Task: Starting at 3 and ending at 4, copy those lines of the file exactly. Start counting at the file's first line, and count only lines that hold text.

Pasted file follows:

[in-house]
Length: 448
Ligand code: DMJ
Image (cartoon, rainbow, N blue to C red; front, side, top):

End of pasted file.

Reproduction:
Ligand code: DMJ
Image (cartoon, rainbow, N blue to C red; front, side, top):